Dystrophin acts as an anchor between the cytoskeleton and the extracellular matrix preserving the cellular membrane integrity, in association with the dystroglycans and the sarcoglycans. Absence or decrease of dystrophin initiates a cycle of cellular apoptosis leading to destruction of rhabdomyocyte cells, fibrosis and fatty replacement of the muscles [1]. BMD being the mild allelic form resulting from an in-frame exon deletions of the DMD gene leads to a mutant dystrophin, partially functional, resulting in a milder clinical form than Duchenne dystrophy [4].The main clinical symptoms would be motor ranging from mild muscle weakness in BMD to more severe weakness and complete gait loss with early death due to cardio respiratory failure in the Duchenne forms. The diagnosis is prompted by the clinical presentation as well as by the finding of elevated Creatine Phosphokinase (CPK) levels and mild elevation of transaminase enzyme levels, Alanine Aminotransferase (ALT) and Aspartate Transaminase (AST).

    Even though the most commonly reported symptoms in muscle dystrophy are motor, cardiac and respiratory; yet, digestive symptoms like delayed gastric emptying and intestinal pseudo-obstruction have been also reported and have been linked to the functional impairment of smooth muscle in the gastrointestinal tract [5].

    However, when increased transaminase as well as digestive symptoms is noted, celiac disease remains the first differential diagnosis to be considered. Celiac disease (CD) is associated with exposure to gluten protein resulting in intestinal mucosallesions in persons with predisposition mostly genetic or autoimmune [6]. CD can present with a constellation of variable signs and symptoms either digestive like bowel dysmotility or extra intestinal like fatigue, pain, anemia, osteopenia and failure to thrive [7]. Celiac disease can also be associated with hypertransaminasemia, an imbalance that is not exclusive to hepatic disorders but also noted in muscle diseases as well as with thyroid dysfunction [8].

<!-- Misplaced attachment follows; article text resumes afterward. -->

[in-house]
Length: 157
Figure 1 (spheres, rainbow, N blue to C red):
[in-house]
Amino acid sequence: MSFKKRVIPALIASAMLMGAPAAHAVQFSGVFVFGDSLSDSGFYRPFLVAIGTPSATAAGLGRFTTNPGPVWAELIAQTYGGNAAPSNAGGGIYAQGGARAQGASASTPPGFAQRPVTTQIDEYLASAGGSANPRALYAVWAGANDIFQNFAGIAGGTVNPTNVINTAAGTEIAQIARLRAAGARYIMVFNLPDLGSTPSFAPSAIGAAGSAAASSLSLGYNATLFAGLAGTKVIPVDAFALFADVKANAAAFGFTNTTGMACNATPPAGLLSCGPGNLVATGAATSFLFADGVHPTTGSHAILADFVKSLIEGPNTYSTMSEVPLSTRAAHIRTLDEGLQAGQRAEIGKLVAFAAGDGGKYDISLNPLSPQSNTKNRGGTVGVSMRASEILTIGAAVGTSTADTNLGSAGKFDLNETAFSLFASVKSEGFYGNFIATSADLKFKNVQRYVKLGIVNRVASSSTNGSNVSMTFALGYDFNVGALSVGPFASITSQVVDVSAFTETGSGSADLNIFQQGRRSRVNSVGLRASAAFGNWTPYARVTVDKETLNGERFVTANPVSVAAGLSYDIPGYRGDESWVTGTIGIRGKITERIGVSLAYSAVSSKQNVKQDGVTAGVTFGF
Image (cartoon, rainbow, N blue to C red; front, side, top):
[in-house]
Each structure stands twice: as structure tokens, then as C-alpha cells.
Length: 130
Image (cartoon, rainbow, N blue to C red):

Case report

    Here we report clinical and histological findings in a 5 year old boy, who was referred to our department for follow up of persisting episodes of fatigue, bilateral quadriceps pain during the night, poor weight gain, constipation and occasional episodes of abdominal pain, but mainly for his motor complaints.

    The child is a term boy, born by normal vaginal delivery, the product of an uneventful pregnancy to two none consanguineous parents of Palestinian and Algerian origin. In the family history, the maternal grandfather was diagnosed with a myopathy at the age of 40 years that was not investigated appropriately except by an EMG that showed a myopathic process.

    The child had a normal neurodevelopment, and was following correctly his milestones, until the age of 3 years when he started to show mild fatigability when climbing the stairs. At 4 years of age the patient started to need to take breaks during his play time in order to relax. The patient is reported to have persisting episodes of constipation not relieved by regular diet changes, and he is able to tolerate prolonged episodes of fasting. The family history of myopathy led the parents to attempt to rule out this specific diagnosis at first.